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  1. #21
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    Quote Originally Posted by cosmogirl View Post
    Haha American values just confuse me. I convert everything to metric!

    Sorry about strange quote with my own answers in between. I am replying from my phone and it isn't ideal
    Well that's equally fine (which is one of the ways you can tell Canadians, Kiwi's and Aussies - if the grammar is correct but they use metric values, they're less likely to be Americans.... they like their imperial units. Metric units but with either wrong/incorrect grammar and/or syntax, often suggests English as a second language etc etc).

    Making mediocre meads is easy, making good meads less so and takes a bit of patience - not to mention perseverance.

    If you dig around locally, probably specialist off license or wine dealer places, you can find commercially made meads, just that a lot of them tend to be very sweet. There's a thread about UK available commercial meads you can search for. The best one I've currently tasted is Moniack Mead. Made in Scotland - still quite sweet etc, but better tasting from current experience.

    The other biggest snag, is finding either the same ingredients as you see mentioned here or comparable equivalents. FermaidK is the nutrient (or is it energiser - the US members here like to have special names for everything) that's made by Lallemand (who make the Lalvin range yeasts), but it's bloody hard to find locally, I've had to just mail order it from the US to get some. Or DAP a.k.a. di-ammonium phosphate is another one often mentioned.

    The most easily available equivalent to FermaidK here, is called "Tronozymol". DAP ? well the Youngs yeast nutrient is mostly DAP, with another ingredient that also provides nitrogen according to google, so is pretty close.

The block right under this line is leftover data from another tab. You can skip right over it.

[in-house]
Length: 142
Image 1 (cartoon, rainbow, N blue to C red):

For honey ? I don't really like the supermarket stuff, even branded stuff like the Rowse range is most likely filtered and heated etc (they process it for eating tastes, which isn't necessarily the best for mead making), which removes too much of the character of the original, as it was harvested.

    If you can find a local bee keeper and get it direct from them, especially if it's raw honey (don't worry about dead bees, bits of wax etc, that will come out during the making) then that's likely to be the best quality you'll find.
    here's me home brewing blog (if anyones interested....)
    and don't forget
    What the large print giveth, the small print taketh away! Tom Waits.....

  2. #22
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    I love moniack. It's the only brand that I have tried and what inspired me to make my own.

    I think I will forget about measuring things too accurately for this batch. It's just a practice run to get a feel for it. I will add a cinnamon stick today and next week stir in another 600g honey or so.

    When it stops bubbling i will transfer it to another clean container, then wait for it to clear. When it's clear then I will stabilise and figure out how to bottle. It is bound to give me something that I can drink, then my next batch will have bit more finesse

  3. #23
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    Looks like a nice place to look for supplies and yeasts..
    http://www.homebrewwest.ie/

    Also, I just posted a blog entry about making my first batch of mead, If you need to laugh, take a look. We all started somewhere...
    Don't Panic!

    From Portugal to Poland, on a perpetual pursuit for more honey.....

    Issues unique to the Netherlands at
    http://www.gotmead.com/forum/showthr...880#post222880

  4. #24
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    fatbloke,

    Quote Originally Posted by fatbloke View Post
    which is one of the ways you can tell Canadians, Kiwi's and Aussies - if the grammar is correct but they use metric values, they're less likely to be Americans....
    So are you saying that Americans don't use metric values, or that we don't use correct grammar?

    Is you be sayin' we don't be talk good?

    Hahahaha

    Joe
    Intelligence Is Knowing That A Tomato Is A Fruit
    Wisdom Is Knowing Not To Put It In A Fruit Salad

  5. #25
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    Quote Originally Posted by cosmogirl View Post